October 25, 2010

Do Kids Still Read Books? A Study

Check out the article
"New Study on Reading in the Digital Age"
, embedded below.

I especially like the part about the power of choice.

And the last 3 paragraphs? The times ♫they are a-changin'♫

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New Study on Reading in the Digital Age

Scholastic surveyed 1,045 children age 6-17 and their parents (for a total of 2,090 respondents) in an online survey in the spring of 2010.
Highlights from the survey:
Reading Books in the Digital Age

* From age 6 – 17, the time kids spend reading books for fun declines while the time kids spend going online for fun and using a cell phone to text or talk increases.
* Parents express concern that the use of electronic and digital devices negatively affects the time kids spend reading books, doing physical activities, and engaging with family.
* Technology can be a positive motivator to get kids reading – over half of kids (age 9-17) say they are interested in reading an eBook, and a third of children age 9-17 say they would read more books for fun if they had access to eBooks on an electronic device.

The Value of Reading

* When asked, children and parents agree the most important reason to read books for fun is to open up the imagination, be inspired, and to a lesser degree, to gain new information.
* Eight in ten kids feel proud and have a sense of accomplishment when they finish reading a book.
* While nearly eight in ten kids read for fun at least weekly, one in five kids reads books for fun less than once a week.

Role and the Power of Choice

* There are several tactics that parents use to encourage their children to read – including making sure there are interesting books at home, limiting the use of technology, and suggesting books their children might like.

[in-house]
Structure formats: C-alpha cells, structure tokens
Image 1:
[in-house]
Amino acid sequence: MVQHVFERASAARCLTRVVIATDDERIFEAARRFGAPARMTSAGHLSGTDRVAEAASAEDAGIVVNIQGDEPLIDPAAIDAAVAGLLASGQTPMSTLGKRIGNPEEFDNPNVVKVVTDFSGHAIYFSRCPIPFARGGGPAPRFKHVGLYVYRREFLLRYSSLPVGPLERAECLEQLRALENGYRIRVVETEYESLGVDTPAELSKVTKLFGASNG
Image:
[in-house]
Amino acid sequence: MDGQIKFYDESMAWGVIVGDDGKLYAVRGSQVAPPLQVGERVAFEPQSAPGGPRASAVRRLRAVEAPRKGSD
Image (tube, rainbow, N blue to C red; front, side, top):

* The most critical motivator to get to get kids reading is the power of choice. Nine out of ten children say that they are more likely to finish book they choose themselves.
* Parents don’t try to overly influence their children toward choosing award winning books or classic literature. Nine out of 10 parents say “As long as my child is reading, I just want my child to read books he/she likes.”

About 25 percent of the children surveyed said they had already read a book on a digital device, including computers and e-readers. Fifty-seven percent between ages 9 and 17 said they were interested in doing so.

Francie Alexander, the chief academic officer at Scholastic, called the report “a call to action.”

“I didn’t realize how quickly kids had embraced this technology,” Ms. Alexander said, referring to computers and e-readers or other portable devices that can download books. “Clearly they see them as tools for reading — not just gaming, not just texting. They see them as an opportunity to read.”

Read the press release: http://mediaroom.scholastic.com/node/378

Read the survey: http://mediaroom.scholastic.com/themes/bare_bones/2010_KFRR.pdf

Read the New York Times story: http://www.nytimes.com/2010/09/29/books/29kids.html?_r=1&hp

Original VOYA article
http://www.voya.com/2010/09/29/new-study
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